Perry G. Mehrling
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FT Alphaville has picked up on my friend James Sweeney’s latest, and since James cites the latest writings by other friends Zoltan Pozsar, Manmohan Singh, as well as my own most recent, the piece reads like a discussant’s comments on a shadow banking symposium.
Last week the central banks of China and Australia announced the creation of a $31bn currency swap line
Entangling alliances or entangling leagues are nothing to the entanglements of cash owing—Keynes
Fundamentally, the ECB is trying to keep the ongoing sovereign debt crisis from turning into a full-fledged bank credit crisis.
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Innovation drives economic growth and welfare, and the industrial corporation drives innovation, says William Lazonick. But just how do corporations innovate?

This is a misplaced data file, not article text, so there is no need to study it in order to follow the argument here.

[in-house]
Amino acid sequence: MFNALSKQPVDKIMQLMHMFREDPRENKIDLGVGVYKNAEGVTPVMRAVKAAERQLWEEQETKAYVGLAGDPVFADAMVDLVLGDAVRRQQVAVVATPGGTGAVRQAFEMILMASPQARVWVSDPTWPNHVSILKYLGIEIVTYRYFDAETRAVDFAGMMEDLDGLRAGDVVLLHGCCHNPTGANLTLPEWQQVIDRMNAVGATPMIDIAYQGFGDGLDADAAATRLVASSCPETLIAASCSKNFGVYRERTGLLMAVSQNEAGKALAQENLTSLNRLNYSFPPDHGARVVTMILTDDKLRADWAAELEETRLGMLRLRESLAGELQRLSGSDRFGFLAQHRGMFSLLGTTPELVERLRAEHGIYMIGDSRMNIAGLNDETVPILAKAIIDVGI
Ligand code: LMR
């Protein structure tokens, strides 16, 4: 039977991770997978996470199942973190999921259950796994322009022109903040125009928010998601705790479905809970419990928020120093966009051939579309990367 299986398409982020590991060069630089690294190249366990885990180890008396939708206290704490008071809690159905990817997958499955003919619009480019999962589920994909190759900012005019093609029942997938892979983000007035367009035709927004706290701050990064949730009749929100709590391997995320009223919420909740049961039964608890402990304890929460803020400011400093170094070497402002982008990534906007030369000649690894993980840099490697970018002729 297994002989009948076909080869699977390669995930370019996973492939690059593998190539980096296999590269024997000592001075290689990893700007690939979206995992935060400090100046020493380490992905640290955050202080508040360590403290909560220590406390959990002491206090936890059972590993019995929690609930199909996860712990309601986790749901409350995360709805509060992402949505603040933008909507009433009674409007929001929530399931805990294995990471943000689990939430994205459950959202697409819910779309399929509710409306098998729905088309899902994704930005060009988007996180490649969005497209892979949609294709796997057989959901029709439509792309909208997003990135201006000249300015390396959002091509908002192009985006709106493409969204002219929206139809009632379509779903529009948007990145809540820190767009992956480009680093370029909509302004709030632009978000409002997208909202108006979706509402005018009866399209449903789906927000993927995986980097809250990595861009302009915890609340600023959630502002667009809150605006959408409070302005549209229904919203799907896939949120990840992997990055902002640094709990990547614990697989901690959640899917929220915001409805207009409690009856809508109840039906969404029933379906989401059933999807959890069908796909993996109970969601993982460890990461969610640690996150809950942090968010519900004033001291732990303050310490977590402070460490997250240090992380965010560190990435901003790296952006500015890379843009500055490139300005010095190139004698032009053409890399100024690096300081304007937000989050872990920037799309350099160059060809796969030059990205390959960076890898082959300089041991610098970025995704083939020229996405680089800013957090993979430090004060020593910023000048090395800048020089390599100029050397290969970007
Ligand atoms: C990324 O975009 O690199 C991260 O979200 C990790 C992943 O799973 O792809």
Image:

When externalities are present and transaction costs are absent, private parties will strike welfare-enhancing deals regardless of who owns what. In a frictionless world, bargaining leads to efficiency. That is the essence of the Coase Theorem, and it is fiction, according to Steven Medema.
The physicist Sorin Solomon begins to feel dizzy when the economist Leanne Ussher talks econ lingo. Yet he listens, because the two of them have found a productive area of collaboration: some economic phenomena, they find, can be explained without recourse to the quirks that feed into human decision making.
The Nobel Memorial Prize defines high achievement in economics, and it validates the discipline’s claim for scientific authority. And yet, historically, it can be understood as a reflection of domestic policy conflicts in Sweden.